According to Townley, Nanjing is in an ideal location in one corner of the Yangtze River Delta region, near Shanghai and also close to Beijing, which is only 3.5 hours away on the fastest high-speed train.

Now, Townley works with and is supported by the Jiangsu Industrial Technology Research Institute and serves as a visiting professor at the School of Environmental Science and Engineering at Nanjing Tech University.

After working as a consultant and in the industry for years, he loves being connected to a university again to share his knowledge and experience with younger people and to initiate research based on the problems he has encountered in the real world.

"I know my education and life are different from the typical Chinese student. What I want to do with my Chinese students is to encourage them to think, to be curious and to always search for new things."

A career in water 

Townley has been interested in water science and engineering for about 40 years. "I fell into that area when I was at university, and I haven't managed to escape," he said.

Before moving to China, he had been aware of the country's rapid growth. He realized there would be a great need for environmental improvement, including water quality, where he could put his skills to use. 

His primary technical skills are in simulating water and environmental systems through modeling for two primary objectives: understanding what happened in the past and predicting future behaviors.

Some Chinese people looked at his experience and suggested he work on improving the water quality in river basins. Upgrading the performance of wastewater treatment plants is one theme of Townley's work. Moreover, he set up a consulting company in 2019 that also includes businesses such as building sponge cities, cities designed to retain and absorb rainwater where it falls through sustainable urban drainage systems, and dealing with abandoned mines.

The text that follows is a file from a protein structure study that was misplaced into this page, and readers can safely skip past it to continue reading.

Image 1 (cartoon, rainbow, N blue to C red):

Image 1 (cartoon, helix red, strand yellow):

"China has 10 major river basins, of which the two most well-known are the Yangtze River and the Yellow River basins. They drain eastward, past many of the nation's major cities. Their water quality is excellent in the west, near their headwaters, and poor in the east as a result of human activities," he said.

Also, the large and flat coastal plains in the east make water quality hard to manage as water does not flow very fast across the landscape, he added.

"If it has taken 30 years to contaminate waterways and lakes, it may take 100 years to remediate the water quality. This is partly because water also carries sediments, and these sediments are deposited along the bottom of rivers and lakes. The processes by which sediments can be moved are slow," he continued.

But, progress has been made. According to Townley, canals and other bodies of water near Taihu Lake in Jiangsu, as well as ponds used for aquaculture, appear to be becoming cleaner.

He hopes to obtain more data about the behavior and health of the region's water for his team and more people in the environmental field to better understand the situation and carry out further research.

(Printed Edition Title: Going With the Flow)  

Copyedited by G.P. Wilson